Medical Malpratice By San Jose Doctors Leaves Man Disabled, Part 5 of 8

(Please note: the names and locations of all parties have been changed to protect the confidentiality of the participants in this medical malpractice/personal injury case and its proceedings.)


Liability is clear. During the course of the cholecystectomy and the subsequent treatment by the defendants in this matter, plaintiff sustained the following injuries: 1) laceration of the left iliac vein, 2) laceration of the mesentery, 3) small bowel perforation, 4) a posterior laceration of the bifurcation of the abdominal aorta, and 5) an anterior wall laceration of the left iliac vein. These iatrogenic injuries (instrument caused) do not occur absent someone’s negligence.

Although all the defendants in this case deny their own culpability for injuries to the aorta and adjoining iliac vein, each admits that all injuries were iatrogenic and they had to be caused by one of them. As set forth more fully in the motion filed concurrently herewith, plaintiff is entitled to a res ipsa loquitur presumption and the burden must shift to the defendants to produce evidence which establishes they did not cause one, or any, of plaintiff’s injuries.

Although plaintiff suffered multiple injuries when Dr. Green placed the original trocar in the iliac vein, the mesentery and the small bowel, which commutatively giv e rise to one general damage award of the $250,000 MICRA cap, Plaintiff suffered two totally separate injuries from potentially separate acts of negligence giving rise to a second and third $250,000 cap. Indeed had Plaintiff so chosen he could have brought a separate lawsuit for the injury to his abdominal aorta and for the left iliac vein. See (Lilienthal & Fowler v. Superior Court (1993) 12 Cal.App.4th 1848,1854. Each time a separate and distinct wrongful act causes this injury a separate cause of action arises because a separate right has been violated.)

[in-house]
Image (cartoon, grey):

Defendants Smith and Lee’s own expert, Dr. Robert White testified at deposition there are two separate and distinct injuries. Dr. White further testified that the injury to Plaintiff’s bifurcation of the aorta could not have been present during the June 16th surgery because Dr. Smith would have been able to see it. Plaintiff has separate causes of action for each injury and therefore separate damage limitations. Plaintiff will ask the jury to award him S750,000 in general damages. (See Part 6 of 8.)

For more information you are welcome to contact personal injury lawyer, Moseley Collins.

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